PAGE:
Why would anyone want to dehydrate cooked beans?
There are many reasons, which include dried / dehydrated cooked foods are perfect for camping, backpacking, traveling, vacationing, cooking away from home (maybe in a hotel room), long-term storage and emergency rations. They are lightweight, take up little space and can be rehydrated easily and quickly for hot, whole meals any time and almost any place.
However, there are problems with buying foods already dehydrated. For one, the cost can be exorbitant, especially right now. Dried foods are in great demand as food costs rise and consumers worry about an uncertain future. In addition, many processed dried foods contain a LOT of preservatives and chemicals you may not want to feed your family.
What’s the answer? Cook real foods from scratch, the kind you want to feed your family, without additives and seasoned the way you like them. Then dehydrate and store them. The cost is minimal, the savings are huge and you can feed your family the quality food you desire under any circumstances.
Some simple foods to get started with are rice, beans, fruits and veggies. These foods are staples and can be purchased organic, grown locally, in bulk and in varieties your family will eat.
To cook dried beans, soak for 12-24 hours, drain the soaking water and cook until tender. Let the beans cool, spread them out on dehydrating trays (or on baking sheets for oven dehydrating) and dehydrate until completely dry.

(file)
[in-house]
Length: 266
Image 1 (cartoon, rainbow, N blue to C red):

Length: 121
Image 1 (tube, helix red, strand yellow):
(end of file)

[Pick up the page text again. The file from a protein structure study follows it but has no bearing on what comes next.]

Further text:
It can be confusing to consider drying cooked beans that were already dried, but remember, the starting product were RAW dried beans, not cooked dried beans. So they must be cooked to be eaten. And once cooked, they can be dehydrated to be stored. The cooked, dried beans do not require long soaking or cooking times and a large amount of precious water as the raw dried beans do, in fact, the cooked dried beans can be rehydrated with boiling water to cover in a pan, bowl or even thermos for no-fuel rehydration.
Lentils are easy to cook and dehydrate as they do not require pre-soaking. Simply cook lentil until done (but still firm), let cool and dehydrate as any other cooked bean. You can salt or season them before dehydrating, but be warned, dehydration intensifies flavors, so season lightly!
This weekend, I am cooking and dehydrating lentils, kidney beans, vegetables, brown rice and applesauce. My cooked lentils dried nicely overnight in my Excalibur dehydrator. After drying, I let them cool completely before sealing, as this reduces the chance of moisture and condensation.
Next, I vacuum-seal them in portion-sized bags and place those alongside the other components of the full meal, so it is easy to grab or pack all at once.
I also dehydrated applesauce “plops” which turned out great as well. I’ll roll them up in parchment and seal those in baggies as well.
My goal is to create dehydrated meals we can take with us camping, or traveling, or for emergencies. We have some thermos bottles and we can place boiling water over these dehydrated foods and have lentils, rice, seasonings and applesauce for dessert.
I’m doing the same with the kidney beans, which I slow cooked overnight. I used some for chili for supper and the rest I’ll let cool and dehydrate overnight. Today I have the dryer filled with more applesauce “plops” and some sliced, blanched potatoes.
Are y’all dehydrating?